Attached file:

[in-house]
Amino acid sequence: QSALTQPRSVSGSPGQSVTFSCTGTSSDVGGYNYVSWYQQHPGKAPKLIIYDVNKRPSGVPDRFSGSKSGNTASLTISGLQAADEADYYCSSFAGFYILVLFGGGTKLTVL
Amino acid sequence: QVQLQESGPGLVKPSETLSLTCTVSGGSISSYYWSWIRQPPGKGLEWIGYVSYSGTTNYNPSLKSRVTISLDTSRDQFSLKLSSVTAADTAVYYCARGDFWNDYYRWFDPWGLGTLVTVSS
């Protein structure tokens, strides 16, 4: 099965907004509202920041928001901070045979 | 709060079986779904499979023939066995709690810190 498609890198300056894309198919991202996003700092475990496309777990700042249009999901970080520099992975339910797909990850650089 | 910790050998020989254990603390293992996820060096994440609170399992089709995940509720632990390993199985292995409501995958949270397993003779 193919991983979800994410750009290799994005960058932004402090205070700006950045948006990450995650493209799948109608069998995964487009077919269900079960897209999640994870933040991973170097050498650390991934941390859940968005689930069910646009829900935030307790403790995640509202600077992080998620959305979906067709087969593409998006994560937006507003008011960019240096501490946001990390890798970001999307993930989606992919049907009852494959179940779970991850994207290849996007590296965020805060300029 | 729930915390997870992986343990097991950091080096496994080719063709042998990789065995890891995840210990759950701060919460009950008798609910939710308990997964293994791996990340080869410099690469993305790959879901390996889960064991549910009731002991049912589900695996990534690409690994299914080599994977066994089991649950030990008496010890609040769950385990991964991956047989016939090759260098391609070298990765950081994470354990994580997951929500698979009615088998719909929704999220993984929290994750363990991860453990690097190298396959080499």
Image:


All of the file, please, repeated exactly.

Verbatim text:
[in-house]
Amino acid sequence: QSALTQPRSVSGSPGQSVTFSCTGTSSDVGGYNYVSWYQQHPGKAPKLIIYDVNKRPSGVPDRFSGSKSGNTASLTISGLQAADEADYYCSSFAGFYILVLFGGGTKLTVL
Amino acid sequence: QVQLQESGPGLVKPSETLSLTCTVSGGSISSYYWSWIRQPPGKGLEWIGYVSYSGTTNYNPSLKSRVTISLDTSRDQFSLKLSSVTAADTAVYYCARGDFWNDYYRWFDPWGLGTLVTVSS
């Protein structure tokens, strides 16, 4: 099965907004509202920041928001901070045979 | 709060079986779904499979023939066995709690810190 498609890198300056894309198919991202996003700092475990496309777990700042249009999901970080520099992975339910797909990850650089 | 910790050998020989254990603390293992996820060096994440609170399992089709995940509720632990390993199985292995409501995958949270397993003779 193919991983979800994410750009290799994005960058932004402090205070700006950045948006990450995650493209799948109608069998995964487009077919269900079960897209999640994870933040991973170097050498650390991934941390859940968005689930069910646009829900935030307790403790995640509202600077992080998620959305979906067709087969593409998006994560937006507003008011960019240096501490946001990390890798970001999307993930989606992919049907009852494959179940779970991850994207290849996007590296965020805060300029 | 729930915390997870992986343990097991950091080096496994080719063709042998990789065995890891995840210990759950701060919460009950008798609910939710308990997964293994791996990340080869410099690469993305790959879901390996889960064991549910009731002991049912589900695996990534690409690994299914080599994977066994089991649950030990008496010890609040769950385990991964991956047989016939090759260098391609070298990765950081994470354990994580997951929500698979009615088998719909929704999220993984929290994750363990991860453990690097190298396959080499």
Image: